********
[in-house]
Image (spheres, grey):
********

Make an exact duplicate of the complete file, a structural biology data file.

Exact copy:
[in-house]
Image (spheres, grey):